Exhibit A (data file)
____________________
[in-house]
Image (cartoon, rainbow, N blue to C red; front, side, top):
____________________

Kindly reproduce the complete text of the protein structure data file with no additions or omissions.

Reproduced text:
[in-house]
Image (cartoon, rainbow, N blue to C red; front, side, top):